Johannesburg, South Africa —23 July 2012 – The full extent of the platinum sector’s problems will be revealed in the coming month as the country’s principal mining groups will, one by one, publish their financial statements for the first half of the year.

Fin24 reports that last week Anglo American Platinum prepared shareholders for the results coming out today.  In a trading update it warned that its first-half headline earnings had dropped 77%, while it had to write-off several hundred million because of the desperate state of the platinum market and cost inflation that, as usual, had exceeded expectations.

The next day chief executive Neville Nicolau’s immediate resignation was announced as part of a wide-ranging realignment of the various Anglo Group South African subsidiaries’ chief executives.

Angloplat mines will in future be “reviewed” under the control of Kumba chief executive Chris Griffith, and it is widely expected that he will trim the fat in places.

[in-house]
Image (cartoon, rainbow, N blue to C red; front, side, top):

The fact that South Africa’s platinum mines produced 25% less platinum group metals (PGMs) to the end of May this year than in previous years apparently does not make the slightest difference to the market surplus.

The major part of the decline in production arises from the large-scale labour unrest at Impala Platinum, which paralysed the giant Rustenburg mining complex for the major part of two months.

The country and world’s next largest platinum group, Impala Platinum, also had a new boss from the beginning of this month – Terrence Goodlace. This group will announce its results for the year to end-June on 23 August – for a year it would prefer to forget.

Aquarius Platinum, which has already suspended the lion’s share of its mine production, will report on its financial year to 30 June on 8 August and Royal Bafokeng Platinum releases its half-year report on 20 August.

In the first half of last year the platinum price averaged US$1,788, but in the first half of this year it averaged US$1,556 – and it continues to slide. On Friday the white metal was worth just over US$1, 400 a fine ounce.

If the exchange rate is taken into account, the average platinum price that South African mines receive has fallen some 16.4% between the first half of last year and that of this year.

Source: Fin24. For more information, click here.